“Refrigerators have become the greatest bargaining chip ever in negotiations. Let’s say your buyer wants a leaky faucet fixed in the negotiations. Instead of fixing it, we can offer to leave the refrigerator with the house,” advises Dalley.
“Now my sellers don’t care about that fridge, but when they offer it up in exchange for not fixing a leaky faucet, it’s a win-win. The buyer feels like they win because they don’t need to buy a fridge when they move in, and my sellers definitely feel like they won because they’re not out of pocket on the faucet repair.”
Using your fridge as a bargaining chip in escrow negotiations all depends on your market. In some areas, it’s expected that kitchen appliances like stoves and refrigerators stay with the property while washers and dryers are negotiable. Talk to your agent about which negotiating levers are available in your particular case.
Maximize value, but don’t manufacture it
For most people, a home is their biggest asset. So selling it is kind of a big deal. You’ve spent years tending to this piece of property and keeping up with all of its associated costs and payments. Now you want to cash in on all your hard work and money spent to replace the furnace, get a new water heater, or upgrade the bathrooms.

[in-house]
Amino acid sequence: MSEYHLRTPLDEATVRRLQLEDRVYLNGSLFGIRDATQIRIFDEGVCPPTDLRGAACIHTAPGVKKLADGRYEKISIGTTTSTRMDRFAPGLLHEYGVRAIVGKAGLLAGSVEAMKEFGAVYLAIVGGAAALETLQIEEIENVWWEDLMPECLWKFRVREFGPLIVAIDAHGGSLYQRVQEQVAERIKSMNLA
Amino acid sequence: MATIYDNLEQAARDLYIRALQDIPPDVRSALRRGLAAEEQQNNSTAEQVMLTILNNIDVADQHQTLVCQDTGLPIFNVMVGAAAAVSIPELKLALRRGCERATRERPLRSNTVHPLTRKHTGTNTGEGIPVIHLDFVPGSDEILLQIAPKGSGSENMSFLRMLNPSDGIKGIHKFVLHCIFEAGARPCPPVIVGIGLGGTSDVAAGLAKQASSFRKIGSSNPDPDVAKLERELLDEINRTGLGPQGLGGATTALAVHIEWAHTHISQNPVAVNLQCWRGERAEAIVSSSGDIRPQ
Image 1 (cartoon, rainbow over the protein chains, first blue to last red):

With insights from this guide, you should have a solid idea of the ways you can increase your chances of a higher sale price. You need to work with an agent who knows their stuff, get the house looking its best, and make sure the listing is seen by lots of buyers. However, what you can’t do is intentionally overprice your home and hope to fool the market, in effect “manufacturing” value.
“You neither need to be the best property or the best-priced property on the market,” concludes Dalley. “So if Mr. Smith has your exact same house down the street, but he’s got upgraded granite countertops in the kitchen, and it looks like it was decorated by Chip and Joanna Gaines, then you need to do at least as much as your neighbor has done if you want to maximize value.”
Header Image Source: (Windows / Unsplash)